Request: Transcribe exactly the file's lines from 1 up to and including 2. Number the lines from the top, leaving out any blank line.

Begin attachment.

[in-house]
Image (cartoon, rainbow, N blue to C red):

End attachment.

[in-house]
Image (cartoon, rainbow, N blue to C red):